This year, more than ever, media coverage and attention are given to pitches that are timely and newsworthy. COVID-19 has dominated the headlines since March. In June, stories of protests added to the crowded news cycle. Now, the presidential election – and the accompanying coverage is in full throttle.
Without tying a pitch into what’s going on in the world, it stands a big risk of being lost in the shuffle. With that in mind, unless you have something relevant to offer, don’t pitch in times of crisis.
In addition to a competitive news cycle, there are less people to read the pitch. Pew Research Center shows 36% of the largest newspapers across the United States experienced layoffs between January 2017 and April 2018. Looking specifically at news media, jobs across print, broadcast, and digital fell nearly a quarter from 114,000 to around 88,000 in less than 10 years. With nearly six PR pros for every journalist, research from Go Fish Digital found journalists receive an average 30 or more pitches a day, of which about 25% of them are not relevant.
Rest assured, not all the news is negative. While earning media coverage is challenging, it can most definitely be done. For further advice on tying a pitch into current news, as well as overall pitching, I spoke with seasoned television producer Katherine Shepherd of WLEX-TV in Lexington, Kentucky. I’ve had the pleasure of pitching to and securing segments with Shepherd for many years. She is a wealth of information for those who write and send pitches to the media.
Q: What grabs your attention in a timely pitch?
A: During COVID-19, we’ve been covering the closing and re-opening of businesses. What I look most for in a pitch of this type – changes the business has made to ensure customer and employee safety. As a producer, I know businesses will be making changes. For example, a gym owner I work with called to tell me the changes he had made, including switching the type of lights in the facility. If your business is doing some type of change that is unique – like, changing the lights used is something that would be newsworthy and interesting.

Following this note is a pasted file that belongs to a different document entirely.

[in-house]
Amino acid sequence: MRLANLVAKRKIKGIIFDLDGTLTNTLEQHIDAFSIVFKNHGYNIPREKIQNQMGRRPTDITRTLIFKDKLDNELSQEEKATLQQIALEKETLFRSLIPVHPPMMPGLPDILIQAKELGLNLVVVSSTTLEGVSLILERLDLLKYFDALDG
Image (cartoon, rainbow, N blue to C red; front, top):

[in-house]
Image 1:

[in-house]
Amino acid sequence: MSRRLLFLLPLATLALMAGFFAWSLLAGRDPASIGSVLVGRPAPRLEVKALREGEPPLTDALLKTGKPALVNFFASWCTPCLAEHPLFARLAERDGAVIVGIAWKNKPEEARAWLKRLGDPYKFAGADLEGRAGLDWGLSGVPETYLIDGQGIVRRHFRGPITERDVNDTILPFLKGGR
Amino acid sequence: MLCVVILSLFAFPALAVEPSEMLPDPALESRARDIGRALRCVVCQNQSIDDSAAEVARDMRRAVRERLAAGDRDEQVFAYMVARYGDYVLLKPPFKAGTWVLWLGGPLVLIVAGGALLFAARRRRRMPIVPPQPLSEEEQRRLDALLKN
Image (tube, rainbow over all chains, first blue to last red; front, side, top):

Q: What grabs your attention in a normal, evergreen pitch please?
A: The shorter a press release is, the better. I hate having to read through five paragraphs before I get to the main point. A few sentences are perfect. Clearly define what you are pitching – food, some type of service, clothing, makeup, a book, so forth. I receive a lot of national products, so if the pitch you are sending is local to your area, make sure that’s at the top.
Q: What turns you away in a pitch? What are the don’t-do items?
A: Do not send a long, drawn-out press release that takes 15 minutes to get to the point. I’m busy, and I get bored easily. Make sure the pitch is worth having on a show. What makes it unique? If I don’t think it’s going to be entertaining, the viewers most likely won’t either. Before you send a pitch, regardless of how creatively you present it, if you know it’s not really a good product or service, don’t waste your time.
Q: If you don’t know the PR person or the business, what can be put into a subject line and opening paragraph that makes you open the e-mail and keeps you reading?
A: Subject Line - What’s the business or product? A PR person for a woman who created toilet seats for cats e-mailed me with a subject line along the lines of, “How to train your cats to use the toilet.” The first couple of sentences were all I needed. It had the name of the product, what it did, and where to get it.”
In today’s congested news reel, it can feel daunting to put together a successful pitch. However, there is nothing that strategy and revaluation cannot solve. Keep ideas short, concise, and distinctive. Do not get lost in the shuffle. Once the attention of the pitch is lost so is the cause.
Debra Locker is the president and owner of Debra Locker Group, which she founded in 2008. The award-winning, boutique agency specializes in the luxury lifestyle market. Clients are featured on “The TODAY Show,” in SHAPE, Marie Claire, The New York Times, Huffington Post… to name only a few. Locker is the co-author of “Women of Courage.” The book is a compilation of stories from women who have found wellness and happiness following struggle. Prior to launching DLG, Locker was the PR director for the International SPA Association. Before her PR career, she was a television reporter and producer.